The reason for this mainly lies in the fact of the differences between the man and the woman by enforcing a decree for restitution of conjugal rights the life pattern of the wife is likely to be altered irretrievably whereas the husband’s can remain almost as it was before this is so because it is the wife who has to beget and bear a child. This practical but the inevitable consequence of the enforcement of this remedy cripples the wife’s future plans of life and prevents her from using that self-destructive remedy. Thus the use of remedy of restitution of conjugal rights in reality becomes partial and one-sided and available only to the husband. The pledge of equal protection of laws is thus inherently incapable of being fulfilled by this matrimonial remedy in our Hindu society. As a result this remedy words in practice only as an engine of oppression to be operated by the husband for the benefit of the husband against the wife.”

There are two important aspects of this analysis. The first is a factual finding that a facially neutral statute has a disproportionate effect upon a certain class (although one would have liked statistical evidence beyond a quotation from Gupte’s Hindu Law in British India!) The technical term for this is “disparate impact”. The second is that the reason for the disparate impact cannot be linked with any constitutionally justifiable purpose. Here, the Court finds that, in light of the deeply unequal familial power structures prevailing within Indian society, a textually neutral legal remedy operates to the severe disadvantage of women. The two findings together constitute the vice of indirect discrimination (in other jurisdictions, a finding of disparate impact shifts the burden upon the discriminator to show that his or her actions could be justified by a legitimate and proportional purpose).

It is important to acknowledge indirect discrimination as a form of constitutionally proscribed discrimination, since statutes and policies are not always consciously designed to exclude groups and classes. As we have seen before, prejudices can be subconscious or unconscious, and entire exclusionary social and economic structures can be erected without the intention of harm anyone. Anuj Garg’s focus on the effect of policies upon protected groups, and the Andhra Pradesh High Court’s factual and normative analysis of Section 9 of the Hindu Marriage Act, together constitute a powerful foundation from which to place indirect discrimination at the heart of the non-discrimination guarantee.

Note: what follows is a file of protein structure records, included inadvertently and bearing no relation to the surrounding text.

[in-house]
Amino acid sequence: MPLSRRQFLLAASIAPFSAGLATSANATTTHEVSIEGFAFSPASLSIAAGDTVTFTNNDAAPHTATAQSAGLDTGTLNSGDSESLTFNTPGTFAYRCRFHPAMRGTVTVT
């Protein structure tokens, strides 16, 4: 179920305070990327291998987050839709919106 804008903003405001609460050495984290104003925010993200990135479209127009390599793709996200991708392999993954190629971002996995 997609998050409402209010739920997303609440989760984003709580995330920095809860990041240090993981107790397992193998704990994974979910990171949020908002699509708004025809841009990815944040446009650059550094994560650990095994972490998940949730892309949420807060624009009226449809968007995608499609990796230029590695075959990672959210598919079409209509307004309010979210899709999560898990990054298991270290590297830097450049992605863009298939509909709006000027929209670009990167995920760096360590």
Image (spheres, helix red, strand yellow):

Two things remain to be noted. The first is that T. Sareetha examined indirect discrimination within the context of Article 14, and not Article 15. The logic, however, remains exactly the same, especially when coupled with the effects test under Article 15. Secondly, Sareetha was quickly overruled by the Supreme Court, which warned against bringing constitutional law into the domestic sphere. Whatever the merits of that ruling, Sareetha is no longer good law. However, much like Koushal and Naz on “sex” and “sexual orientation” under , there was no specific finding by the Supreme Court on the issue of indirect discrimination. Neither of these two propositions, therefore, have been expressly rejected by the Court. As such, their normative power and attractiveness makes them ideal candidates to be adopted in some future time.

 

 

 

 

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Sex Discrimination and the Constitution – XI: The Justification of the Anti-Stereotyping Principle

We have seen that in Anuj Garg, the Supreme Court adopted the anti-stereotyping principle: sex-based classifications could not be saved under Article 15(1) if their only justification was to invoke stereotypes about women’s sexual or social roles in the community. What, however, is the basis of this principle? Since the Supreme Court borrowed it from American jurisprudence, we must take a brief detour, and examine the history of constitutional sex discrimination claims in the United States. That history throws up a surprising link: between sex equality, and the right to vote.